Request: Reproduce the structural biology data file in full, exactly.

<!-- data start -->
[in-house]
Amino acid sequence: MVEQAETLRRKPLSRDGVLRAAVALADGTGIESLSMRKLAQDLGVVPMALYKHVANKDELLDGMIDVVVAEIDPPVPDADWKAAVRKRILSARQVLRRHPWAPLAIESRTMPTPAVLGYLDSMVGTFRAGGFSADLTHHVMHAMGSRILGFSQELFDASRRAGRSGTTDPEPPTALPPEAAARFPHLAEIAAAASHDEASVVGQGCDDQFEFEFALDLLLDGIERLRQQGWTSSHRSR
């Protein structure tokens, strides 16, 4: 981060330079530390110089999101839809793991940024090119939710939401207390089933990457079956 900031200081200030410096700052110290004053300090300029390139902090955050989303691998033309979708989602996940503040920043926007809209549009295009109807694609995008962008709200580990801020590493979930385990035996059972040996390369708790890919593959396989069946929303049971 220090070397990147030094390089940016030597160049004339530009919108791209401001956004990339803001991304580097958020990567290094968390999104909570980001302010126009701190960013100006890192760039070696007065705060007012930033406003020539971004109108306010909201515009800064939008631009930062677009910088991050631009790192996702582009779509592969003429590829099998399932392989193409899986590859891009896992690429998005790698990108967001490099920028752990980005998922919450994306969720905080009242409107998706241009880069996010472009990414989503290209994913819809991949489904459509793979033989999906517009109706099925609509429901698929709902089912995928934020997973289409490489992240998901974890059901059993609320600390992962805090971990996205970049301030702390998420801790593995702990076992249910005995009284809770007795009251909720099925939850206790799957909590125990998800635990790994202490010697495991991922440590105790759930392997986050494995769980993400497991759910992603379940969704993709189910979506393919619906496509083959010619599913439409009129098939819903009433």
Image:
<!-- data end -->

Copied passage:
[in-house]
Amino acid sequence: MVEQAETLRRKPLSRDGVLRAAVALADGTGIESLSMRKLAQDLGVVPMALYKHVANKDELLDGMIDVVVAEIDPPVPDADWKAAVRKRILSARQVLRRHPWAPLAIESRTMPTPAVLGYLDSMVGTFRAGGFSADLTHHVMHAMGSRILGFSQELFDASRRAGRSGTTDPEPPTALPPEAAARFPHLAEIAAAASHDEASVVGQGCDDQFEFEFALDLLLDGIERLRQQGWTSSHRSR
């Protein structure tokens, strides 16, 4: 981060330079530390110089999101839809793991940024090119939710939401207390089933990457079956 900031200081200030410096700052110290004053300090300029390139902090955050989303691998033309979708989602996940503040920043926007809209549009295009109807694609995008962008709200580990801020590493979930385990035996059972040996390369708790890919593959396989069946929303049971 220090070397990147030094390089940016030597160049004339530009919108791209401001956004990339803001991304580097958020990567290094968390999104909570980001302010126009701190960013100006890192760039070696007065705060007012930033406003020539971004109108306010909201515009800064939008631009930062677009910088991050631009790192996702582009779509592969003429590829099998399932392989193409899986590859891009896992690429998005790698990108967001490099920028752990980005998922919450994306969720905080009242409107998706241009880069996010472009990414989503290209994913819809991949489904459509793979033989999906517009109706099925609509429901698929709902089912995928934020997973289409490489992240998901974890059901059993609320600390992962805090971990996205970049301030702390998420801790593995702990076992249910005995009284809770007795009251909720099925939850206790799957909590125990998800635990790994202490010697495991991922440590105790759930392997986050494995769980993400497991759910992603379940969704993709189910979506393919619906496509083959010619599913439409009129098939819903009433």
Image: